Alex Kasman
Physics , 2000,
Abstract: Recent interest in discrete, classical integrable systems has focused on their connection to quantum integrable systems via the Bethe equations. In this note, solutions to the rational nested Bethe ansatz (RNBA) equations are constructed using the ``completed Calogero-Moser phase space'' of matrices which satisfy a finite dimensional analogue of the canonical commutation relationship. A key feature is the fact that the RNBA equations are derived only from this commutation relationship and some elementary linear algebra. The solutions constructed in this way inherit continuous and discrete symmetries from the CM phase space.
Spectral Difference Equations Satisfied by KP Soliton Wavefunctions
Alex Kasman
Physics , 1998, DOI: 10.1088/0266-5611/14/6/008
Abstract: The Baker-Akhiezer (wave) functions corresponding to soliton solutions of the KP hierarchy are shown to satisfy eigenvalue equations for a commutative ring of translational operators in the spectral parameter. In the rational limit, these translational operators converge to the differential operators in the spectral parameter previously discussed as part of the theory of "bispectrality". Consequently, these translational operators can be seen as demonstrating a form of bispectrality for the non-rational solitons as well.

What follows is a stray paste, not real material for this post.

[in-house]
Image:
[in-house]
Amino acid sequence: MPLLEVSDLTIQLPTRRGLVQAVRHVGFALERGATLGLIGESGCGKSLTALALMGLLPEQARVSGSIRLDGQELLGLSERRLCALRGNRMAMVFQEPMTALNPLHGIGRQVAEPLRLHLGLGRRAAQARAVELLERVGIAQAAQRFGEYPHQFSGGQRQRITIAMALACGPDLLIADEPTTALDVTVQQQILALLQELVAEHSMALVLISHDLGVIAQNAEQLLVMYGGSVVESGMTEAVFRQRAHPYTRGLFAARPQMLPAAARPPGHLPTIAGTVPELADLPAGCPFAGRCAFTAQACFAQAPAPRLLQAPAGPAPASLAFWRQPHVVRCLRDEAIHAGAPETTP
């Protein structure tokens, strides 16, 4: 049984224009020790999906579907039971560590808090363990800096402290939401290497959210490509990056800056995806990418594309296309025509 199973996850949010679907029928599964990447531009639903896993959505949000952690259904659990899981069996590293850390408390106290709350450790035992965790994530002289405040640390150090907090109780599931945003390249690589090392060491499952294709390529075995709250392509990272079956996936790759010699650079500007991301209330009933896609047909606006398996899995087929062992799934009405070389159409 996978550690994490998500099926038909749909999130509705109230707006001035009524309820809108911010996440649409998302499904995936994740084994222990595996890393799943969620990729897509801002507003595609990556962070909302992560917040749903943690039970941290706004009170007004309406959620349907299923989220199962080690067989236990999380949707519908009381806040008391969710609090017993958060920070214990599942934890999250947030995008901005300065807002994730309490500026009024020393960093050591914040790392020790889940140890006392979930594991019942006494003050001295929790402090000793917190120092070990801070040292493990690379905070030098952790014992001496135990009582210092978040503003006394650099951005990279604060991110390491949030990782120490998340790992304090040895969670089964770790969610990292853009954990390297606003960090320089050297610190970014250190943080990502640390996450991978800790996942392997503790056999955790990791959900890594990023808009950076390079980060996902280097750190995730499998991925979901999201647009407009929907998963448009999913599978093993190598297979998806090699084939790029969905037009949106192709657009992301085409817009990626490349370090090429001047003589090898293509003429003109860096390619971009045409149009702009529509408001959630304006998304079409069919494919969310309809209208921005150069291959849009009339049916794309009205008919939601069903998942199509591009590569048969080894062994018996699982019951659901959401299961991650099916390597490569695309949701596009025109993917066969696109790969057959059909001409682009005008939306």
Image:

n-Schur Functions and Determinants on an Infinite Grassmannian
Alex Kasman
Physics , 1998,
Abstract: A set of functions is defined which is indexed by a positive integer $n$ and partitions of integers. The case $n=1$ reproduces the standard Schur polynomials. These functions are seen to arise naturally as a determinant of an action on the frame bundle of an infinite grassmannian. This fact is well known in the case of the Schur polynomials ($n=1$) and has been used to decompose the $\tau$-functions of the KP hierarchy as a sum. In the same way, the new functions introduced here ($n>1$) are used to expand quotients of $\tau$-functions as a sum with Plucker coordinates as coefficients.
Grassmannians, Nonlinear Wave Equations and Generalized Schur Functions
Alex Kasman
Physics , 1998,
Abstract: A set of functions is introduced which generalizes the famous Schur polynomials and their connection to Grasmannian manifolds. These functions are shown to provide a new method of constructing solutions to the KP hierarchy of nonlinear partial differential equations. Specifically, just as the Schur polynomials are used to expand tau-functions as a sum, it is shown that it is natural to expand a quotient of tau-functions in terms of these generalized Schur functions. The coefficients in this expansion are found to be constrained by the Pl\"ucker relations of a grassmannian.